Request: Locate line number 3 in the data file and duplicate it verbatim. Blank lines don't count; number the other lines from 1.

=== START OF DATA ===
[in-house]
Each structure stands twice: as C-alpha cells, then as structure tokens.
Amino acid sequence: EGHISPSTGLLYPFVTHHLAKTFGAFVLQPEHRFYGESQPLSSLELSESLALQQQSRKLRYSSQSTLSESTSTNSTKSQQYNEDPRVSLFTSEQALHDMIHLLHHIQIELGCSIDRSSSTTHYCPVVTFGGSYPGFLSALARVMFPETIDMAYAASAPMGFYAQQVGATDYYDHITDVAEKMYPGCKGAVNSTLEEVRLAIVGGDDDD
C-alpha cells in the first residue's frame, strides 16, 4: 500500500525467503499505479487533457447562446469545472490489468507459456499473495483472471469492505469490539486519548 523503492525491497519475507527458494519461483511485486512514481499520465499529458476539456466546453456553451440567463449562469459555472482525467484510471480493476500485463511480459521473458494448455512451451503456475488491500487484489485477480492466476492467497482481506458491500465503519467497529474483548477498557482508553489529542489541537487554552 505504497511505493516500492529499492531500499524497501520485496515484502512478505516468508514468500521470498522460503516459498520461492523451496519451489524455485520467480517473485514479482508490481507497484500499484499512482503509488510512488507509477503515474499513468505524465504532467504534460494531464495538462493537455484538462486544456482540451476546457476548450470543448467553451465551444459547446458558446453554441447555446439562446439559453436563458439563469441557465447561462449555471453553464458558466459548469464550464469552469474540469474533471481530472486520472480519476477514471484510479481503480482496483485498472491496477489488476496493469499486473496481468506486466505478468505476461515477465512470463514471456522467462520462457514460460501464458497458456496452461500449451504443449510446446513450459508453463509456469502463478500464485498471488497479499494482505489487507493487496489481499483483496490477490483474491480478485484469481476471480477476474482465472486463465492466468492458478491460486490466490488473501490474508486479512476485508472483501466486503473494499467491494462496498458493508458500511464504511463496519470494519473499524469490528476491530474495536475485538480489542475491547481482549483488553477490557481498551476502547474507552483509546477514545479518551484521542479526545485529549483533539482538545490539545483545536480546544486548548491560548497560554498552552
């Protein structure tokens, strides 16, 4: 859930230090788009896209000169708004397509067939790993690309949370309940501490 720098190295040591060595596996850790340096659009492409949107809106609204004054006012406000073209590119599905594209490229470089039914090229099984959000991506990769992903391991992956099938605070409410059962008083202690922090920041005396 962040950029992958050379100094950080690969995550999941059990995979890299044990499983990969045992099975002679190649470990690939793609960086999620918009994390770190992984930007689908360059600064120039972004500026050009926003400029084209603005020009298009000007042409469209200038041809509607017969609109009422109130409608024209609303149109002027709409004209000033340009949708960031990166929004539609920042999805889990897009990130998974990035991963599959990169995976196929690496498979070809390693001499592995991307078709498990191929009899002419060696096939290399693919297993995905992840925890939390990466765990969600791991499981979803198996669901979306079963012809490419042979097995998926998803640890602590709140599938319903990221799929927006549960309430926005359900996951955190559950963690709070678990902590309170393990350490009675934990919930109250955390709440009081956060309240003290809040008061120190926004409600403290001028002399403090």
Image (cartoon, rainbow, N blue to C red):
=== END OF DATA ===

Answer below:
Amino acid sequence: EGHISPSTGLLYPFVTHHLAKTFGAFVLQPEHRFYGESQPLSSLELSESLALQQQSRKLRYSSQSTLSESTSTNSTKSQQYNEDPRVSLFTSEQALHDMIHLLHHIQIELGCSIDRSSSTTHYCPVVTFGGSYPGFLSALARVMFPETIDMAYAASAPMGFYAQQVGATDYYDHITDVAEKMYPGCKGAVNSTLEEVRLAIVGGDDDD